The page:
Throw away your driving license: Google launches new self-driving car
This project has been several years in the making. Up until now, Google had refitted existing cars, mainly Lexus’s with radars, sensors, navigation equipment and cameras, as well as computers to make it drive by itself. However, during this period, they had secretly been working on their own prototype, which will have no controls that humans can use, except for an emergency stop button, as well as a start button.
This is the ultimate aim, but during the test stage, in order to comply with Californian law, the automated cars will have a wheel and pedals. This has certainly given the Californian Department of Motor Vehicles something to think about: they have to write the regulations for the ‘operational’ use of truly driverless cars.
The DMV had thought that the reality was several years away, so it would have time to perfect the rules. That clock just sped up, said the head of the DMV's driverless car program, Bernard Soriano. "Because of what is potentially out there soon, we need to make sure that the regulations are in place that would keep the public safe but would not impede progress," Soriano added.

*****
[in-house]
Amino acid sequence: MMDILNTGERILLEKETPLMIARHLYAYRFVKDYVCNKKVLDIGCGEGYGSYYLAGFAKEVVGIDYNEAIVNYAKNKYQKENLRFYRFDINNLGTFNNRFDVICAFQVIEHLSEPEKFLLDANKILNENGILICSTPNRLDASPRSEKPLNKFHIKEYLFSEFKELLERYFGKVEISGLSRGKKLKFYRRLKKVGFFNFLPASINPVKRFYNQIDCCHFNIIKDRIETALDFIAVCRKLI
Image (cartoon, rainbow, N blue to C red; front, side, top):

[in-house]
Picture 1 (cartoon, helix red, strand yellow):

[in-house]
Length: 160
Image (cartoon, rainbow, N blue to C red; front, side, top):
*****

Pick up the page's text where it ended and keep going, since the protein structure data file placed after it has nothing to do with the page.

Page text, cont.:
Google’s co-founder, Sergey Brin, who has played a big part in the operation, started the project in 2009. The team has already managed to rack up hundreds of thousands of miles driving around California in regular cars, but now they want to go it alone.
“The main reason the team and I decided to build this prototype vehicle is that we can do a better job than we can do with an existing vehicle,” said Google’s co-founder. “The project is about changing the world for people who are not well-served by transportation today.”
It is unknown which manufacturer will be given the contract to build the 100 cars, but Brin thinks it will be some time yet before the cars appear, despite promising earlier that they would be on the roads by 2017.
One can forget about going for a spin off road, as the cars only work in built up areas. The automated vehicles operate by using data that has been accumulated, which is transferred into highly detailed maps. The car is also able to constantly scan the surrounding area.
— A Googler (@google) May 28, 2014
Chris Urmson, who is the director of Google's self-driving car project, said the aim was to run extended tests in California where the company is based. Urmson argued driverless cars would improve road safety, calling the development "an important step toward improving road safety and transforming mobility for millions of people."
Meanwhile, Brin says he is excited that the new prototype could have a massive effect on changing people’s lives for the better. "If you look at people who are too old, too young, or disabled, and can't get around, that's a big challenge for them," the co-Google founder added.
The vehicle has two seats, a screen displaying the route and a top speed of 25mph (40kmh). An array of sensors allows the vehicle's computer to determine its location and surroundings and it can ‘see’ ahead several hundred meters, according to Google.